Central Oregon remains at ‘Extreme Risk’; Brown allows modified gym reopenings

Central Oregon will remain at the “Extreme Risk” level for the spread of COVID through Feb. 11th, but Gov. Brown announced Tuesday some indoor activities, such as gyms and movie theaters can reopen with a limited capacity beginning Friday.

The modifications allow for a maximum of six people indoors at facilities over 500 square feet as long as everyone adheres to social distancing and face-covering protocols.

For facilities smaller than 500 square feet, the modified guidance allows for 1:1 customer experiences, such as personal training, the governor’s office said.

Indoor dining is still prohibited.

The updated guidance for indoor recreation will be posted to coronavirus.oregon.gov by Friday.

“The science has shown us that outdoor activities are safer than indoor activities when it comes to the spread of COVID 19, which is why we have clearly delineated guidance between indoor and outdoor activities,” Brown said. “We have seen over the last several weeks that Oregonians have largely complied with risk levels to the point that we have not seen a surge in hospitalizations that would have jeopardized hospital capacity. This means we are able to make these adjustments for Extreme Risk counties, which should assist both businesses and Oregonians as we continue to work to stop the spread of COVID-19.”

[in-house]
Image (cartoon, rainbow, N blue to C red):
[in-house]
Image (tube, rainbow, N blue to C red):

Just three Oregon counties improved their risk level according to an update released by Brown.

Effective January 29 through February 11, there will be 25 counties in the Extreme Risk level, two at High Risk, two at Moderate Risk, and seven at Lower Risk.

A complete list of counties and their associated risk levels is available here.

“Most of the state remains in the Extreme Risk category,” Brown said. “This is an important reminder for all Oregonians to continue to do their part by abiding by the health and safety guidelines in place. Until vaccines are widely available with high participation rates, the surest way to lower our risk and open our businesses and communities is to continue practicing the measures we know are effective in reducing the spread of COVID-19 — wear your mask, keep physical distance from others, avoid gatherings, wash your hands often, and stay home when you are sick.”

The Oregon Health Authority will examine and publish county data weekly.

County risk levels will be reassigned every two weeks.

The first week’s data will provide a “warning week” to prepare counties for potential risk level changes. The next assignment of risk levels will be announced February 9 and take effect February 11.

Updates to Warning Week data and county risk levels will be posted to coronavirus.oregon.gov.

The Associated Press contributed to this report.

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